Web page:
First of Bangkok
Trip Start Jun 07, 2010
126Trip End Dec 18, 2010
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From Phuket we got a tuk tuk to the airport at 10am and was in our Bangkok hostel by 5pm and felt fine the actual fight was only just over an hour, much easier.
After settling in at our hostel we headed out in direction of many food markets but because my stomach was rough we wanted some English/American style food, finding a place took a long time but we found a place and had some fish and chips and Louise had a salad.
We headed back to our lovely air conditioned hostel room on the top floor.
Next day we got up 4:30 am we planned to go to a fruit market at crack of dawn we walked down the road hailed a tuk tuk I pointed to the driver on the map explaining 'we want to go hear Tha Chang' and I circled it with a pen I bartered a price with him and we went on our way.
I followed on the map as he drove and he seemed to go off course then he stopped and announced ‘Chinatown’
I said ‘No, Tha Chang’ and I pointed again on the map.
After a while he realised were we wanted to go (as if pointing to the destination on a big tourist map of the city he is a taxi man of and circling it wasn’t easy enough).
He replied ‘oh Tha Chang’ Tha Chang not China-town’.
Then he doubled his price, I sternly replied ‘No original price’ he accepted. We finally got to our destination.
We walked to the pier to hire a long tail boat for an hour and found one but the man was drunk (6:30am)!
We couldn’t understand him; we left the guy and found someone else to ask they told us the floating market we wanted to go to was only weekends! So our efforts were wasted even though the Asia tourist website stated it was every day.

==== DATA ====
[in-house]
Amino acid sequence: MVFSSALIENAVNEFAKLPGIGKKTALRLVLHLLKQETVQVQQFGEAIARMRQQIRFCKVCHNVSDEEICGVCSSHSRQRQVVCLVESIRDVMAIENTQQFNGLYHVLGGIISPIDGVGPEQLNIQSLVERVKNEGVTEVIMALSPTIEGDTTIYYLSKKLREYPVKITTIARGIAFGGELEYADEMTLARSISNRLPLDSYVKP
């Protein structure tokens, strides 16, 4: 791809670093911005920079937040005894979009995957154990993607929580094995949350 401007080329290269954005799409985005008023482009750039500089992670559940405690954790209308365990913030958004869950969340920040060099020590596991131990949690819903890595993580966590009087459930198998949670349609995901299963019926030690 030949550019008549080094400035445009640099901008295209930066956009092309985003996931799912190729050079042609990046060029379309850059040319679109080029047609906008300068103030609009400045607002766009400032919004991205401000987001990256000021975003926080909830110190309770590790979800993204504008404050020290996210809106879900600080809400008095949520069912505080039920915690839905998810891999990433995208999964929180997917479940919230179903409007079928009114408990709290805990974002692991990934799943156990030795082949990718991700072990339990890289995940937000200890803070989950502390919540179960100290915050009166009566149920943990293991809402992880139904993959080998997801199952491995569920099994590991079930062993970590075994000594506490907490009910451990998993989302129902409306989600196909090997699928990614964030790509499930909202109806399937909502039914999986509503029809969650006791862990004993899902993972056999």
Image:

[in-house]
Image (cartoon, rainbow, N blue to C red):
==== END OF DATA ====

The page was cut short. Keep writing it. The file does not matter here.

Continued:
So we instead walked around until the nearby grand palace opened at 8:30am.
It was really good being up this early as there was hardly any tourists about just Thai people going about their business which may be waking up at the random street spot you slept, getting drunk all the time in your long boat, setting up a market stall, burning incense and praying at a Buddha shrine, commuting to work, going to school or if you’re a monk collecting alms (offering & gifts) from people.
We later went to the grand palace the price had gone up from 200b to 350b (dam tourist traps).
Before we entered the Grand palace we had to follow a strict dress code.
Men must wear long pants and shirts with sleeves (no tank tops. no bare feet).
Women must be similarly modestly dressed. No see-through clothes, bare shoulders
I had to borrow some trousers and Louise borrows a sarong.
The Grand palace was amazing so much detail within the 59 acre walled complex are more than 100 mansions, halls, pavilions and Temples with Exquisite mosaic-encrusted spires and pillars.
The Grand Palace with the Temple of the Emerald Buddha is Thailand's most sacred site.
We walked around for ages stopping to sit in the main temple of the emerald Buddha admiring it and the shrine; you are not allowed to take photos of it either this helps add to its aura of mystery and respect.
We watch as Thais came prayed for 10 minutes and went and some monks were there praying too.
We spent 6 hours there great time but Louise started to come over all ill with food poisoning again.
We got a tuk tuk back to our hostel.